Hamilton Journal News
Biden, Mexican president meet amid migration issues
WASHINGTON — President Joe Biden met virtually Monday with Mexican President Andrés Manuel López Obrador — a chance for the pair to talk more fully about migration, confronting the coronavirus and cooperating on economic and national security issues.
“This is what I know, the United States and Mexico are stronger when we stand together,” Biden told López Obrador at the outset of the meeting, alluding to past differences between the two countries. “We’re safer when we work together. Whether it’s addressing the challenges of our shared border, or getting this pandemic under control.”
López Obrador had said he intends during the meeting to propose to Biden a new immigrant labor program that could bring 600,000 to 800,000 Mexican and Central American immigrants a year to work legally in the United States.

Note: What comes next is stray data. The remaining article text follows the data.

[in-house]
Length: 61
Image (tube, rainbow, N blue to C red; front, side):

A senior Biden administration official declined to say whether Biden would back or oppose the proposal, saying only that both countries agree on the need to expand legal pathways for migration. The official insisted on anonymity to discuss private conversations. Asked about the López Obrador’s proposal. White House press secretary Jen Psaki said that reinstituting the Bracero program would require action by Congress.
The original “Bracero” program allowed Mexicans to work temporarily in the United States to fill labor shortages during World War II and for a couple of decades after the war. López Obrador said the U.S. economy needs
Mexican workers because of “their strength, their youth.”
On Monday, López Obrador said his new proposal would be a program not only for agriculture workers but for other sectors and professionals.
The White House also signaled that Biden was not willing to budge on another López Obrador request — to send U.S. manufactured coronavirus vaccines to his country. Psaki said Biden would not agree to the move, saying the president was first focused on getting Americans vaccinated. A similar posture toward Canada has also proved to be a wrinkle in that relationship.
The Biden official said the meeting will help Biden begin to institutionalize the relationship with Mexico, rather than let it be determined by tweets — a preferred form of diplomacy by his predecessor, Donald Trump.